Power company sued in death of 6-year-old
By Mark Wineka
A Cleveland woman filed a lawsuit Tuesday against EnergyUnited, claiming the power company was responsible for her 6-year-old son’s electrocution in late March.
According to the civil suit filed in Rowan County, young Nathan Kenemore came into contact with an uninsulated, high-voltage power line as he was climbing the branches of a white pine tree in a neighbor’s yard March 27.
The suit says Nathan, a first-grader, was playing with another 6-year-old while their mothers were nearby.
The women were unaware of the high-voltage line running through the tree, according to the civil suit, which alleges that EnergyUnited violated national safety standards resulting in Nathan’s death.
“I want to do everything I can to make sure no other child dies needlessly by electrocution,” Deborah Kenemore, the boy’s mother, said in a statement released by her Raleigh attorneys.
“I want to make sure power companies aren’t allowed to let this happen again, ever.”
Nathan was Deborah Kenemore’s only son. She is bringing the suit on behalf of his estate.
EnergyUnited is an electric membership corporation headquartered in Statesville. A portion of its service area includes western Rowan County.
The Kenemore suit says EnergyUnited employees visited the neighbor’s property monthly to read an electric meter near the pine tree. It alleges that the company failed to trim the tree or take other protective measures, such as warning the property owners.
The tree had grown 14 feet higher than the uninsulated line, the suit says, and EnergyUnited had failed to prune the tree for at least six years, deviating from its own schedule for pruning.
Attorneys for Kenemore say the National Electric Safety Code requires electric utilities, which have the right of way for power lines, to clear vegetation around high-voltage lines and to otherwise insure that lines cannot be reached and touched by individuals unaware of the electrical hazard.
The accident occurred about 7 p.m. March 27. Nathan was climbing a tree at 2575 Phifer Road in Cleveland.
The white pine he was climbing had low hanging branches and had grown to about 41 feet tall.
The power line carried 7,200 volts of electricity and was approximately 25 feet off the ground, the suit says.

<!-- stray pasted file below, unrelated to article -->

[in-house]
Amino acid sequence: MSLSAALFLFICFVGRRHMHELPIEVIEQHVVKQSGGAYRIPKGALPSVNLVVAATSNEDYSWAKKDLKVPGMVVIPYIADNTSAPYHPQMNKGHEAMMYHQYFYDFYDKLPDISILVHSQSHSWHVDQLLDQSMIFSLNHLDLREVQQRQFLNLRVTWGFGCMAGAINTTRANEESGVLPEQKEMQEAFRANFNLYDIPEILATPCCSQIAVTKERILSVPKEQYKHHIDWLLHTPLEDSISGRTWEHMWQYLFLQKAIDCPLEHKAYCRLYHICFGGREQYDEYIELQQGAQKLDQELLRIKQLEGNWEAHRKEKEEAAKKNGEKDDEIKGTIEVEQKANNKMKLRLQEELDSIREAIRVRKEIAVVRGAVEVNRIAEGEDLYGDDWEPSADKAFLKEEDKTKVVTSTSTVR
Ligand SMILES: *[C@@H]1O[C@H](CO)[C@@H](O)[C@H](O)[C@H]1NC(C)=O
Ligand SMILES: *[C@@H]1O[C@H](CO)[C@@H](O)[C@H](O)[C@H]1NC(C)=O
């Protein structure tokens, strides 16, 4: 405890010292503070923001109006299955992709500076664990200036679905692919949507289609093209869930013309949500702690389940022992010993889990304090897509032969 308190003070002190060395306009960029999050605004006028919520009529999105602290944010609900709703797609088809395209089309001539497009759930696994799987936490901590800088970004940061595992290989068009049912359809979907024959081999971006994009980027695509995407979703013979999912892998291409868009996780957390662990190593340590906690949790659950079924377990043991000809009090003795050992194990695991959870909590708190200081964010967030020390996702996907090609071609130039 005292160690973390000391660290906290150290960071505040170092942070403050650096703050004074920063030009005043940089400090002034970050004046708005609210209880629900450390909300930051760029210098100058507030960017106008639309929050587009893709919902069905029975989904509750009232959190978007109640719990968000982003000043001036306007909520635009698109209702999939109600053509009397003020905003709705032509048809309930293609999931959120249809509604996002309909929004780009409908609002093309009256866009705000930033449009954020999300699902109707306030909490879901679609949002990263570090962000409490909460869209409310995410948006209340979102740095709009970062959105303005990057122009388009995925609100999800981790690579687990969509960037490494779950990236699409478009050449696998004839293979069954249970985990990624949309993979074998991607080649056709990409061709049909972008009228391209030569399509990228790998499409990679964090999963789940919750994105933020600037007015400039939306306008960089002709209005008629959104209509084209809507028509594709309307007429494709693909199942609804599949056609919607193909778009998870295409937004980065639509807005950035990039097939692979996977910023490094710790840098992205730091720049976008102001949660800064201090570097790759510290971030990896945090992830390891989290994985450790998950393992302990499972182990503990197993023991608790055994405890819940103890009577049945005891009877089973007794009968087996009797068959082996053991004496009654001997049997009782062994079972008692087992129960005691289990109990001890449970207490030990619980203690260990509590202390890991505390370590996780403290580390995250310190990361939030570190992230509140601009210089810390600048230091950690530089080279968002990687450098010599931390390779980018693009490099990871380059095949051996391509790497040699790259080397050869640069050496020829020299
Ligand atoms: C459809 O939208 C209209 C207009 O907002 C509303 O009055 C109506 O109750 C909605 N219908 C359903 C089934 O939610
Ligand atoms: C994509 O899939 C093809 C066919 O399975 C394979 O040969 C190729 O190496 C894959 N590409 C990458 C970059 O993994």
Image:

The electric meter for the property was located outside a garage, “and from the meter there was a clear view of the high-voltage line as well as the white pine tree that Nathan climbed when he was electrocuted,” the suit says.
Deborah Kenemore took Nathan to the neighbor’s house so he could play with a 6-year-old girl. She remained on the property at all times and was in close proximity to the tree, the suit says.
Here’s a few more details of that evening, as outlined in the suit.
Deborah Kenemore and the girl’s mother were exercising in the garage about 100 feet from the pine tree, which Nathan eventually climbed.
The 6-year-old girl told her mother and Deborah Kenemore that she and Nathan were going to pick flowers. The mothers approved as long as the children promised to stay in the yard.
A few minutes later, the little girl entered the exercise area and told the mothers that Nathan would not speak to her, and she thought he was pretending to be asleep in the tree.
Deborah Kenemore went into the yard and saw Nathan in the tree as she called his name several times. The suit says she became distraught when he failed to respond, then ran to the tree screaming his name.Another member of the neighbor’s family ran to help Deborah Kenemore climb the tree.
In reaching her son, Kenemore first thought her son had fallen from some higher branches and had sustained a neck injury. As she cradled his head, the mother found Nathan unresponsive and attempted to revive him with mouth-to-mouth resuscitation.
The suit says she was unaware that he had come in contact with the power line. She remained with him in the tree for approximately 10 minutes until emergency personnel arrived and helped to take Nathan to the ground.
Deborah Kenemore was not allowed to accompany her son in the ambulance and followed in the neighbor’s private car.
Meanwhile, emergency personnel tried unsuccessfully to revive Nathan en route to Davis Regional Medical Center in Statesville. It was at the hospital that Deborah Kenemore first learned that Nathan had been electrocuted, the suit says.
He was pronounced dead at 8:03 p.m. His death certificate lists the cause as electrocution.
Deborah Kenemore seeks claims of relief for wrongful death, punitive damages and “negligent infliction of emotional distress.”
In the wrongful death claim, the mother says EnergyUnited “should have known that overhead, uninsulated electric lines in residential areas containing climbable structures such as trees are life threatening to people, including children, who may climb without seeing a power line above or without realizing that a line is energized and uninsulated.”
The suit says Nathan’s death was unnecessary and avoidable if EnergyUnited had complied with industry safety standards and its own safety policies.